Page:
As uncomfortable as the subject of incontinence products can be to discuss with your parents, it can sometimes be a necessary one. You want them to feel like they still have the independence and dignity they always had, but you also want to be making sure they’re looking after themselves and are as comfortable as possible.
If you are getting ready to bring up this subject, it’s important not to rush it. Do your homework, find out the cause, and consider the following information.
There is perhaps never going to be the perfect time to discuss incontinence with your parents. However, there is no harm in doing all you can to make the conversation as comfortable as possible.
How you approach the subject can depend on the type of person your parent is. If they like to dabble in a bit of gardening, then consider sitting out with them in their garden while they’re engaged in a task.
If they like going for walks in the park, go with them and discuss the matter when they feel at their best and more relaxed. It also may not hurt to rehearse how you’re going to bring up the subject. The calmer you are, the safer and more comfortable they may feel to talk about any problems they have been having.
It might not seem like a big deal to use the word diaper to describe incontinence products for men and women, but it can be tough for a parent to hear. They may already be struggling to deal with a physical or mental disability, and the word diaper may invoke feelings that they are being treated like a baby.
Instead, use more specific terms for any products you believe they could benefit from, such as adult pull-ups and incontinence pads. You may even choose to be more specific with brand names, such as Advance®. If anything, using product names instead of more general terms like ‘adult diapers’ and ‘nappy for adults’ is the most respectful thing you can do for your parents.
If you have been alerted to your parent’s incontinence by a carer, friend, family member, or you’ve noticed it yourself, it’s important to find out what’s causing it. A trip to the doctor could be in order, for it could indicate something straightforward or serious.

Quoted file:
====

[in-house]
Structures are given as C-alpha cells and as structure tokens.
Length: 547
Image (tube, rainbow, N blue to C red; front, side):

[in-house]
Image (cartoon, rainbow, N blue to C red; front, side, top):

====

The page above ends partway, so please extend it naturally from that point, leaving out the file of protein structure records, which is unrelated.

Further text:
Simple problems like urinary tract infections and overactive bladders can be treated, which means your loved one may not even need to wear incontinence products.
However, a doctor may also diagnose something more serious like pelvic organ prolapse in women and prostate issues in men. These conditions can require a doctor’s treatment and advice, and sometimes even exercises and surgery to alleviate the problem.
For issues such as faecal incontinence, making an appointment for your parent with a gastroenterologist may be an excellent place to start. Once you’ve established the cause of the problem, you can focus on the most appropriate incontinence products to help short-term or long-term, such as adult pull-ups and incontinence wipes.
If your parent has an incontinence problem but hasn’t done anything about it, find out why. There is no shame in wearing adult incontinence products, so it may help for you to discover what’s holding them back or why they are unaware of what’s happening to them.
For some aging people, diminished sight or smell – or both – is to blame. They may not know they have had an accident because they can’t see or smell it.
If their sight and sense of smell are fine, consider whether depression may be a viable reason. This may stand out to you if you notice they are not as social as they used to be, lack interest in their personal care, and no longer seem like themselves.
If depression, denial, and obliviousness are not factors in your loved one’s incontinence, dementia might be. An older adult in cognitive decline may not realize what’s happening and may not be able to make sound decisions about wearing incontinence products. In this instance, it might be time to make an appointment for a complete evaluation with a medical professional.
Some people may not want to talk about their incontinence problems with their children, and that’s okay. If you suspect that to be the case, talk to someone who isn’t in the family who feels comfortable broaching the subject with your parent(s). This person could be a doctor or even a trusted friend who has a close relationship with them.
It may also be less embarrassing for your mother or father to discuss their problems with someone who is objective or dealing with the same issues as them. With their defences lowered, they may be more amicable to the idea of continence care products without you having to intervene.
If you have managed to make significant headway with your parents about their incontinence problems, take it one step further.
Find a website that offers products, look at reviews, and even watch product videos. Finally, you can arrange for some free samples to be delivered so they can find out what works for them.
However, even if you have made headway with making your parents comfortable about this discussion topic, don’t be too invasive of their privacy while chatting about their options with them.
Sometimes, you can be helpful just by leaving some brochures or a website link with them so they can explore it in their own time and make their purchases privately.
You can’t force an aging family member to wear pads for incontinence, even if it’s going to improve their way of life. If they are still of sound mind, it is their choice to make.
In the meantime, it’s essential to be patient. Consider purchasing a few different products for them based on their needs and provide gentle encouragement. All they may need is time.